(Kendra at Gillson Park in Wilmette, a 2022 Most Endangered site.)
December 12, 2022
(This is an extended version of an article that originally appeared in our November 2022 edition of our print newsletter, The Arch. Read The Arch here. )
Landmarks Illinois proudly welcomed Kendra Parzen this summer as its new Advocacy Manager. In her new role, Kendra supports preservation across Chicago and its suburbs, collaborating with local advocates to help them save and reuse historic places. Kendra most recently worked as a field officer for the National Trust for Historic Preservation based in Washington, D.C. Below, Quinn Adamowski, Landmarks Illinois Regional Advocacy Manager, talks with Kendra about her career in historic preservation and what excites her about her position here at Landmarks Illinois.
Quinn Adamowski: What led you to a career in historic preservation?
Kendra Parzen: I grew up in a historic Queen Anne house, and when I was 11 years old, we had a terrible fire. No one was injured, but the house was absolutely devastated. My parents, along with a fantastic architect and contracting team, spent over a year restoring it. Seeing the amazing care and craftsmanship that went into bringing that house back to life when it would have been much easier to demolish inspired me to become a preservationist, though it wasn’t until after college that I decided to pursue it as a career.
QA: In your previous role as a field officer for the National Trust for Historic Preservation, you had the experience of working for a preservation organization with a national reach. From that lens, how does historic preservation advocacy in Illinois compare to other states? What is Illinois and groups like Landmarks Illinois doing well?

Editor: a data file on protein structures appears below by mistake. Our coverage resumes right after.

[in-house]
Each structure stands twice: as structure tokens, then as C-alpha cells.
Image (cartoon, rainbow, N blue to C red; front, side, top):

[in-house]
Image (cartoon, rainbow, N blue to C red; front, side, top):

KP: Historic places in Illinois face many of the same challenges as across the country—funding challenges, lack of recognition for places that fall outside a traditional understanding of preservation, a lot of misconceptions about what preservation is and is not. A few years ago, after dedicated advocacy efforts by Landmarks Illinois and others, Illinois took the excellent step of enacting a state historic preservation tax credit program, though I hope to see that program expand and become an even stronger tool for rehabilitating historic Illinois buildings.
QA: Had you ever worked with Landmarks Illinois before being hired this summer? What kind of reputation did the organization have in your mind, and why were you interested in joining the team?
KP: Although I grew up in the Chicago area, my preservation career has been primarily on the East Coast, so I had never worked with Landmarks Illinois before, but certainly knew it by its excellent reputation. What attracted me to work for Landmarks Illinois is the opportunity to be part of an organization that is considering how preservation needs to evolve and is willing to think creatively about new approaches. Landmarks Illinois understands how critical it is for preservation to become more people-centric and more attuned to companion issues like sustainability and community revitalization.
QA: What do you like best about being LI’s new Advocacy Manager so far? What are you looking forward to in the role in the year ahead?
KP: So far, what I like best is the amazing variety of places and issues that come across my desk. There are constantly new people and topics to engage with, so it’s impossible to be bored. What I’m most looking forward to over the next year is developing relationships with partners and communities across Chicagoland.
QA: Do you have a historic place in the Chicagoland area that holds special meaning to you? If so, can you tell us a bit about it and why you value it?
KP: The Frances Willard House Museum and Archives in Evanston is a special place for me because it was the location of my first ever preservation-related job, as an extremely part-time administrator. I learned so much there about the challenges facing small historical organizations, and it’s where I really started thinking about how we make history and preservation relevant to the public.